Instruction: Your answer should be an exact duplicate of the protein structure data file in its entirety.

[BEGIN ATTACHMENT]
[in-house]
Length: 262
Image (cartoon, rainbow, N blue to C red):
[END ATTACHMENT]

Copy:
[in-house]
Length: 262
Image (cartoon, rainbow, N blue to C red):